B.C. man says he owns copyright, trademark for People s Party of Canada name

B.C. man says he owns copyright, trademark for  People s Party of Canada name
VANCOUVER -- Former federal Conservative party cabinet minister Maxime Bernier may have to find a new name for his fledgling People s Party of Canada, if a British Columbia businessman wins two lawsuits filed in Federal Court.

Dhillon says in a news release that he filed his Elections Canada application for the name weeks before Bernier did, and a media story shows he discussed the People s Party name as early as 2015.

Dhillon s Federal Court action asks for an injunction preventing Bernier from using the party name during the upcoming federal byelection in Burnaby South, and he wants a review of the process used by Elections Canada to grant Bernier use of the name.

Dhillon says the decision by Bernier s party to run a candidate in next week s Burnaby byelection forced him to take the legal action.

"The byelection underway in Burnaby is the first time the other party using our name has put forward a candidate, so it was critical we file for an injunction to show Mr. Bernier and anyone in his party that we are serious," Dhillon says in the news release.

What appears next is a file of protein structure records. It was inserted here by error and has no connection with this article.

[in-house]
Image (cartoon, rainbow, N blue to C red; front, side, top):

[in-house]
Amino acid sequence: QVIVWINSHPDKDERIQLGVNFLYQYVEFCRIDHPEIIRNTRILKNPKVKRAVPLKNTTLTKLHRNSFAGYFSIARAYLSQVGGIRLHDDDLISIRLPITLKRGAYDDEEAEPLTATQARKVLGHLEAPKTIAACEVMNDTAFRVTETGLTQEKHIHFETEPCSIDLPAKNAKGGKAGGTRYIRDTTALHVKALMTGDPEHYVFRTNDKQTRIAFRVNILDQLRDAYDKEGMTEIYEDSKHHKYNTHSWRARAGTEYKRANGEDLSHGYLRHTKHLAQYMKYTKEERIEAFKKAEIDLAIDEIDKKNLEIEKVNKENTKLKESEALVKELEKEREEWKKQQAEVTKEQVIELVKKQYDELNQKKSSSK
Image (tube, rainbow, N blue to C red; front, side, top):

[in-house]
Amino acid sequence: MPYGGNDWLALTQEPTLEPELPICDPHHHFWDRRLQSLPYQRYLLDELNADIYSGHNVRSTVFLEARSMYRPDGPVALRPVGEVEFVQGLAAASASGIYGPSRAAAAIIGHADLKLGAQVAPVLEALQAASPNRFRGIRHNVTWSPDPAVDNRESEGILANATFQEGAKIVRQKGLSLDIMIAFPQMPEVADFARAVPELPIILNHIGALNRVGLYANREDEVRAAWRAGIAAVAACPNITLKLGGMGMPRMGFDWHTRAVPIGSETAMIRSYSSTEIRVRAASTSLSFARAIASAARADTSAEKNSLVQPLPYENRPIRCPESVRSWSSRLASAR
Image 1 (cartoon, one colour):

The chief agent for Dhillon s People s Party sent a cease-and-desist letter to Bernier s party, but Dhillon says the letter was ignored.

"We are asking the courts to stop them from improperly using a party name which rightfully belongs to us before further damage is done in this byelection or any election," he says.

The news release says Dhillon filed the party name with Elections Canada on Sept. 25, 2018, weeks before Bernier made the same application.

However, Dhillon says supporting documents had to be filed by mail and a postal strike impeded that paperwork.

Christian Roy, chief agent with Bernier s People s Party, says a lawyer is handling the matter but the party has been assured by Elections Canada that it can use the name.

The executive director of Bernier s party was not immediately available for comment.

Dhillon s applications to Federal Court were filed separately in Vancouver less than a week ago and no dates have been set for hearings.
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